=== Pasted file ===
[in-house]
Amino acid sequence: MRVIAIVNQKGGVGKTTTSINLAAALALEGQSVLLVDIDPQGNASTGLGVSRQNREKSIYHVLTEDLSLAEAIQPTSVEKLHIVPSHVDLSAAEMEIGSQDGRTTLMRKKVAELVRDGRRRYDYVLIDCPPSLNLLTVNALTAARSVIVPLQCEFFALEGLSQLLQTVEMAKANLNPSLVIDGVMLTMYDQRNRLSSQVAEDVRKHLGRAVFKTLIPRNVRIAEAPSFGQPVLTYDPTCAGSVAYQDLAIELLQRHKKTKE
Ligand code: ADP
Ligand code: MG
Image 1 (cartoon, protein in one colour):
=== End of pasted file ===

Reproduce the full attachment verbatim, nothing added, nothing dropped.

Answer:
[in-house]
Amino acid sequence: MRVIAIVNQKGGVGKTTTSINLAAALALEGQSVLLVDIDPQGNASTGLGVSRQNREKSIYHVLTEDLSLAEAIQPTSVEKLHIVPSHVDLSAAEMEIGSQDGRTTLMRKKVAELVRDGRRRYDYVLIDCPPSLNLLTVNALTAARSVIVPLQCEFFALEGLSQLLQTVEMAKANLNPSLVIDGVMLTMYDQRNRLSSQVAEDVRKHLGRAVFKTLIPRNVRIAEAPSFGQPVLTYDPTCAGSVAYQDLAIELLQRHKKTKE
Ligand code: ADP
Ligand code: MG
Image 1 (cartoon, protein in one colour):